Child Kidnapping: It’s Rare when Compared to the Many Other Dangers to Children

by John Edward Gill

lost child
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Media coverage of missing or kidnapped children may have scared parents into thinking such horrible events are commonplace.

They are not. Federal studies have shown about 150 to 200 cases annually of “stranger” abductions.

Yet most of those cases involve people who either knew the children or who lived nearby, while others were babysitters or family friends.

Actual numbers of children suddenly taken by complete strangers range between 20 to 50 children a year.

And since there are approximately 4.1 million babies born in America each year, this means there are presently more than 40 million children age ten and below living in this country right now.

But, still, parents and caretakers can learn from such tragedies by knowing how to prevent them.

A few, simple common sense tips, which most parents realize, can help: don’t leave children unattended; know about people who live in local neighborhoods; recognize individuals who might threaten children (and don’t let them into your home); always know where children are and who is caring for them; and remember to give as many details about a child’s age and clothing and the last whereabouts of any children who suddenly vanish when calling 911.

However, parents must realize ALL dangers to children.

Accidents, mainly with cars, bicycles, and walking or playing near streets take far more children than kidnappers—about 6,000 children a year, according to the Washington, D. C.-based National Safe Kids Campaign.

Approximately 4,000 children age 18 and under lose their lives annually because of guns, reports the Children’s Defense Fund; also in Washington, D.C. Most of these children are victims of accidental handling of guns in the home.

Officials of the Center for Disease Control (CDC) report that about the same number of children perish each year from disease.

Slightly more than 1,000 children die annually from child abuse, reports the National Clearinghouse on Child Abuse and Neglect. This agency is part of the U.S. Department of Health and Human Services.

And a new, neglected danger to children, is just now getting public attention: Leaving children locked in overheated cars during hot summer months.

KIDS’N CARS, a program of the Trauma Foundation at San Francisco Hospital, estimates that between July, 2000, and June, 2001, there were 78 child deaths due to children either being left unattended inside overheated cars or being left unattended in or around motor vehicles. That group reported that about 35 percent of those children perished because of being left alone in overheated cars, and that such cars were parked near their homes.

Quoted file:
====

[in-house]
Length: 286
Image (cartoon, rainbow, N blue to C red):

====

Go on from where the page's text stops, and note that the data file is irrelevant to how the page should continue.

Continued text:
The CDC confirmed these figures.

In addition, KIDS’N CARS reported that thus far in 2002 there have been 55 cases of children losing their lives because of being left unattended in or around vehicles.

Since there has been much media attention given to missing children, many questionable private, non-law enforcement groups have seized upon unwarranted fear of child abduction by promoting fingerprinting, DNA fingerprinting, child identification kits, etc.

Parents must realize that such programs don’t find children. Local law enforcement always tracks and finds missing children, as with a recent case in Philadelphia.

Another federal government study, conducted in 1997 with the State of Washington, recommended such local searching by police at and around the last sighting of a missing child.

Child safety must be realistic and practical and should not rely on gimmicks like posters, flyers, postcards, fingerprinting, etc.

Just remember where your children are, especially if they’re outside; be sure they know about crossing streets and intersections; make certain that youngsters have periodic medical check-ups; keep any guns locked away from all family members; do not strike children and seek help in handling difficult situations with them.

And, please, take a look in the back seat before leaving your car!

More info on missing children.